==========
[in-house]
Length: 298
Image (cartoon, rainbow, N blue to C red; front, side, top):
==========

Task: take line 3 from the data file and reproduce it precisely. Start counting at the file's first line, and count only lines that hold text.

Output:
Image (cartoon, rainbow, N blue to C red; front, side, top):